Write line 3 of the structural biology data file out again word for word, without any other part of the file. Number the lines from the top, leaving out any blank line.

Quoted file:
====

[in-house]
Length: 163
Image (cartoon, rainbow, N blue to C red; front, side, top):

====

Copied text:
Image (cartoon, rainbow, N blue to C red; front, side, top):